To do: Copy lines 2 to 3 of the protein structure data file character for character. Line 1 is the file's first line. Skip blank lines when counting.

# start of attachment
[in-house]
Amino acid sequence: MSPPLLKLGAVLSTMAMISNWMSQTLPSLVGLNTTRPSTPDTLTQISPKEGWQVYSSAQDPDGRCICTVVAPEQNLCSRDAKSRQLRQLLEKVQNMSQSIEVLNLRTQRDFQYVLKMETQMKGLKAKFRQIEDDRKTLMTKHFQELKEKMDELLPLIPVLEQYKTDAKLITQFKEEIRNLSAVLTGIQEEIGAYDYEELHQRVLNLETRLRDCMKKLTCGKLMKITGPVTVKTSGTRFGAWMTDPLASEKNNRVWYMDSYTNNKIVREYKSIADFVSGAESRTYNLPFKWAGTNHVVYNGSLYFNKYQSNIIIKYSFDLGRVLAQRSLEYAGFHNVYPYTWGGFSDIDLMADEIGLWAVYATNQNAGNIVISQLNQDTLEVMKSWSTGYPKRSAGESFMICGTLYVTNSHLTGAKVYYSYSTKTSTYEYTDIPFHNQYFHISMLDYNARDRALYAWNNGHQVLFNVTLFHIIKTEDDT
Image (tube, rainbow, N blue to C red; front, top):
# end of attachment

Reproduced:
Amino acid sequence: MSPPLLKLGAVLSTMAMISNWMSQTLPSLVGLNTTRPSTPDTLTQISPKEGWQVYSSAQDPDGRCICTVVAPEQNLCSRDAKSRQLRQLLEKVQNMSQSIEVLNLRTQRDFQYVLKMETQMKGLKAKFRQIEDDRKTLMTKHFQELKEKMDELLPLIPVLEQYKTDAKLITQFKEEIRNLSAVLTGIQEEIGAYDYEELHQRVLNLETRLRDCMKKLTCGKLMKITGPVTVKTSGTRFGAWMTDPLASEKNNRVWYMDSYTNNKIVREYKSIADFVSGAESRTYNLPFKWAGTNHVVYNGSLYFNKYQSNIIIKYSFDLGRVLAQRSLEYAGFHNVYPYTWGGFSDIDLMADEIGLWAVYATNQNAGNIVISQLNQDTLEVMKSWSTGYPKRSAGESFMICGTLYVTNSHLTGAKVYYSYSTKTSTYEYTDIPFHNQYFHISMLDYNARDRALYAWNNGHQVLFNVTLFHIIKTEDDT
Image (tube, rainbow, N blue to C red; front, top):